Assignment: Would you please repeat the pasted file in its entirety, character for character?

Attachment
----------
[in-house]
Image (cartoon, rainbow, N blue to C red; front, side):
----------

[in-house]
Image (cartoon, rainbow, N blue to C red; front, side):